Hold fast to the Rule, and to the faith of the Church, and to the teachings of our Lord Jesus Christ.
Perhaps there is little more to be said than beyond offering this encouragement: Hold fast to the Rule, and to the faith of the Church, and to the teachings of our Lord Jesus Christ. This life is filled with times of struggles, uncertainty and weariness. There are times when we, and our faith, are being tested. At others, we are being challenged and feel the pangs of growth, of the Lord transforming us into a more clear and life-like image of his very own likeness--this is the Dark Night and Ascent of Mt. Carmel that John of the Cross has described for us; that journey and way along the slopes of perfection that can be long and arduous at times, but as we know from our daily life and the normal way of things, significant rewards require significant work and investment. And as a good friend reminded me in one of my darker hours: “No cross, no Crown.” That the rewards of heaven and the fruit of a life of perfection come through such times of toil and hardship. Not even the Son of God could escape this mystery of things: “Father, I pray that if possible, take this cup from me...but only that your will is done”; even he, the one who himself conquered death and was raised by his own power, could not have been raised the King of Heaven without such suffering; that the Son of Man, to be raised in Glory, was to be handed over, tortured, abused, mocked and sacrificed for our sins.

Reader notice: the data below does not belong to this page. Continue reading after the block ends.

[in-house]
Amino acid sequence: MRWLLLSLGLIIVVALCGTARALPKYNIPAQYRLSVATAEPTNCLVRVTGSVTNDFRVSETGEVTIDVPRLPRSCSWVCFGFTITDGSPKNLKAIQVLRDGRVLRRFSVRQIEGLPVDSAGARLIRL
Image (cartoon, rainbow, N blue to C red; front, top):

Live with an avowed purpose.
A rich man came to the Lord and said, “Master, I follow the law in every way and listen to every word of your teaching. What further must I do to inherit eternal life?” And the Lord said in reply, “Go and sell everything that you own and give it to the poor, the hungry and those in need. Then return to me and you shall inherit the Kingdom.”
In another place, our Lord also tells the story of a man who had been possessed by a demon, but the demon had been expelled from this man and sent away. While he was away, the demon scoured the countryside, finding more demons who joined him. One day, this demon saw the man walking in a field, and finding this man’s heart still empty, the demon entered him again with the many other demons that he had gathered with him. And so the man, having once been possessed by a single demon, was now worse than he had been before.
"It is to me, however, that you have come for a rule of life in keeping with your avowed purpose, a rule you may hold fast to henceforward; and therefore:"--The Rule, chapter 3